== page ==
While it’s true that some water sources you encounter in the outdoors are safe, know that drinking from even the most pristine looking stream or river can make you sick. There might be unseen runoff from industry, agriculture, livestock, and wildlife, and these can contribute bacteria, chemicals, and other contaminants to the very water you believe is safe to drink.
Which means you should always treat all outdoor water sources before consuming. If that recommendation is confusing or sounds somewhat limiting, consider the following: To guarantee your continued health while recreating in the outdoors, whenever possible, you should bring your own water from a known source. That includes tap water from home or bottled water from the store. The only other option is to practice water treatment techniques.
Here are some common ways to treat water:
This method is one of the simplest and least expensive ways to treat water in the backcountry.
- Simply fill your water pot from your water source, place your pot on your stove, then bring to a full rolling boil.
- Once your water has come to a full rolling boil, allow to continue boiling for another minute to eliminate bacteria, protozoa, and some viruses.
- And if you find yourself at a higher altitude (above 6,500 feet), add another three minutes to that boiling time.
- However, boiling is not the best method when you know your water is contaminated with runoff from agriculture or chemicals.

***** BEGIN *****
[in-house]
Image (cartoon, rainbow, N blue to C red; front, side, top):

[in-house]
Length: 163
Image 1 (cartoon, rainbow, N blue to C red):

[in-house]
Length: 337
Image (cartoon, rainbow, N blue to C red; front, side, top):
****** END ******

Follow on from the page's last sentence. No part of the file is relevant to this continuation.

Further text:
Warning: Boiling water burns cooking fuel. You might consider saving cooking fuel for cooking and perhaps build a wood fire — assuming your backcountry permit or local ordinances allow for it — to boil water for drinking.
Gratitude is most often used as a noun, describing as it does, the feeling of being thankful. This warm and comforting word is often bandied about during the holidays, when we reflect upon all of the things for which we are grateful. But for some of us — and in particular, many of our staff members here at The National Center for Outdoor & Adventure Education (NCOAE) — we treat the word gratitude as a verb.
Great employees often live in gratitude by taking positive action. And that means being present for others, which includes listening to their issues or desires and connecting with them. It also means becoming the person that someone else is grateful for.
Just before the holidays truly got underway, we asked some of our staff members to list just some of the things for which they were most grateful. We’re not the least bit surprised that some of their comments encompassed our students and fellow staffers.
Here’s their take on gratitude, in their own words: (more…)
Here at The National Center for Outdoor & Adventure Education (NCOAE), it’s not always necessary for employees to be front and center in order to be seen as a vital asset to our operations.
Take Liz Shirley for example. Sure, this veteran outdoor program director can often be found leading our clients on a variety of backcountry trips and programs. And to be sure, hers is a friendly face around our North Carolina headquarters. But as our fulltime program coordinator, Liz most often can be found working behind the scenes — primarily on course logistics.
This busy outdoor education industry executive is in charge of staff recruitment, training, and supervision; planning new course areas; and the always evolving processes we have in place for communicating with clients and students. She also oversees all of our trip logistics — an area of focus that includes course schedules, gear, food and transportation. In addition, Liz works with our founders to review and update our corporate policies and procedures when the need arises.
Describing herself as an outdoor jack-of-all-trades, Liz was able to tear herself away from her responsibilities to answer a few personal questions about herself for this post.
Here’s what she had to say:
NCOAE: Where did you go to college, what year did you graduate and what did you study?